From Enlightenment to the Counter-Enlightenment

by Stephan Schulmeister


Brilliant minds elevated “the market” into a “higher being” of the postmodern age to which we must submit. The primacy of the market replaced the primacy of politics. A little contribution to the “new Enlightenment”

[This article published on August 31, 2016, is translated from the German on the Internet, Stephan Schulmeister is an Austrian economic researcher and author of many articles and books critical of mainstream economics. His latest book is “The Road to Prosperity” (2019) that alludes to Hayek’s “The Road to Bondage.”]

“Enlightenment is the exodus of people from their underage existence of their own making,” Kant said. While the theories of Hume, Smith, Kant, Rousseau, Ricardo, Mill, Marx and Keynes are very different, they had a common goal: emancipating people from “higher beings” and their earthly representatives.

Struggling for basic rights through the middle-class revolutions and for the social state through the workers’ movement are the most important examples of the emancipation process. A comparison of the workers’ situation in the 1970s and the 1870s shows what people can do when they understand themselves as enlightened and solidarity subjects of history.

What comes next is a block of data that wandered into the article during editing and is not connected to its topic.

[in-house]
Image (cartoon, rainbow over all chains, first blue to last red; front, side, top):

Today, four decades later, we all must adjust to the new “higher being,” “the markets” (mostly the financial markets). “They” demand “structural reforms”; “they” act as judges, punish Greece and reward Germany. “They” live out their feelings on stock exchanges – today friendly, tomorrow euphoric and depressed the day after tomorrow.

Subjects to which we have to submit came out of markets as our (useful) instruments. The “primacy of the market” arose out of the “primacy of politics.” How does this unique counter-enlightenment manifest?

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